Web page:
During a recent study, Rosa Cossart of the Institut de Neurobiologie de la Méditerranée in Marseille, France, and her team noticed something incredible. While a mouse runs on a wheel, the brain cells keep track of where it’s been. This is the same for humans. The neurons that do so fire in a sequence. For decades, it has been believed that the pattern would file in small groups, though researchers have never gotten a clear analysis of this behavior.
When neurons fire, they flood with calcium ions. Cossart’s team painted the neurons of four mice by adding a florescent protein in order to clearly see the movement. Electrodes were implanted into the brains of the mice while they preformed normal activities like walking and standing, and the florescent proteins reveled the pattern. (see image to right)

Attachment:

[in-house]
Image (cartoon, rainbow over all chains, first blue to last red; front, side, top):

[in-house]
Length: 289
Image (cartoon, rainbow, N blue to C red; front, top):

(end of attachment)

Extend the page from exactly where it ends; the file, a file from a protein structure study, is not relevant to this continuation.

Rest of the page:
Each cell lit up in a sequential order while the mouse ran on a treadmill, and walked. When resting, the same neurons shot in the same order as they have before, but faster. It is believed that since the neurons shoot in the same order, the mouse must be reflecting on the aforementioned experience. Though not every researcher is so sure that this is the case. George Dragoi of Yale suggests that this neural movement is default brain activity, completely unrelated to memories.
If this activity is the movement of memories, the past hypothesis that the ‘memories’ stuck together in a group has been disproven.
“We’ve been able to image the individual building-blocks of memory,” says Cossart.